Happy Holidays! Hope that doesn’t offend you. After all, it’s been a common expression for many decades. Take, for example, this 1942 hit, written by Irving Berlin and performed by the beloved Bing Crosby.
Mr. Crosby was encouraging folks to come stay at Holiday Inn, where they might find relaxation, peace, quiet, comfort, and rest. Doesn’t that sound nice? Since the Inn was only open on holidays, he was referring to all holidays when singing this hit song.
But how about Perry Como’s “Home for the Holidays”? One of my dad’s favorites, this song was released at Christmas in 1954, without one mention of Christmas. Listen for yourself HERE.
Clearly, not everyone who uses the word “Holiday” at Christmastime is trying to be politically correct.
Yet, there are people who are concerned about this greeting. A couple of years ago, some friends and I were out for dinner. At the end of the meal, the waitress wished us well with the words “Happy Holidays” and my friend cheerfully said “Merry Christmas” in response. (To be clear, my friend wasn’t saying this to be snarky.) The waitress immediately smiled and exclaimed “Merry Christmas” back to us, and shared she was afraid to offend people with those words. Sad, huh?
Truthfully, we should never be fearful of sharing this greeting…and we shouldn’t be offended when others don’t. The first amendment gives us freedom OF religion, not freedom from it. And this works both ways.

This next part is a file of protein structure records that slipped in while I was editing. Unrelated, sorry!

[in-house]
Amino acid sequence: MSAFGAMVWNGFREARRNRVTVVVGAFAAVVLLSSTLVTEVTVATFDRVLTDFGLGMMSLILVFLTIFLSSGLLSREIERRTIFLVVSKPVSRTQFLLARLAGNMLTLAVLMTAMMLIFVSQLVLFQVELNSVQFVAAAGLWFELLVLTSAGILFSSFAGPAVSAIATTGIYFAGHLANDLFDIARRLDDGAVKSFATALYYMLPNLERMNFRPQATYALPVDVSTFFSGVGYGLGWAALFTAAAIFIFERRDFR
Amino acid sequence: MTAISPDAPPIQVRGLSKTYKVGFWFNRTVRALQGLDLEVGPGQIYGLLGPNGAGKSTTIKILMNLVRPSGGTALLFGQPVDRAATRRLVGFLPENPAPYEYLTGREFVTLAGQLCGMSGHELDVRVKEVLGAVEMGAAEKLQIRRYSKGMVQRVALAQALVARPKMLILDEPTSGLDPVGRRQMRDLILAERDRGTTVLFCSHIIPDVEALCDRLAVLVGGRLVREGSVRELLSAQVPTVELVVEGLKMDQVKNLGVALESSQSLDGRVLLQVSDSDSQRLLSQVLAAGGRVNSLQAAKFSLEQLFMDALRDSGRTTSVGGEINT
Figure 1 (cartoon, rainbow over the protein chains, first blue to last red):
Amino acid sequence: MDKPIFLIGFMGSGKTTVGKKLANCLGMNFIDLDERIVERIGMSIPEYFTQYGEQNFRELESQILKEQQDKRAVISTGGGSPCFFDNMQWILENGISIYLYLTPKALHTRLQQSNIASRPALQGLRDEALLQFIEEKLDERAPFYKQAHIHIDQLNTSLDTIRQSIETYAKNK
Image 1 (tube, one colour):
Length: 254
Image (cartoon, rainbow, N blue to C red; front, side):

I was reminded of this as I was driving through Bethlehem. No, not that Bethlehem (although I’ve been there too) . Instead, I was in a tiny town in Georgia (http://bethlehemga.org). As I started to drive through this adorable little community of less than 1,000 people, I noticed a sign that said “One Mile Prayer Walk.” As I continued down the road, I noticed the star of Bethlehem everywhere and greetings such as “In God We Trust” painted on businesses. Merry Christmas was all around. As I reached the end of the mile, another sign was posted that said “AMEN!” I loved it. A one-mile prayer walk right through town! You see, the people of that community have this right. They can express their collective faith as they see fit. Clearly, the people of this town follow Jesus and desire to point all who enter their neighborhoods to Him. How awesome is that?
NOTE: This post has previously been published on Patheos.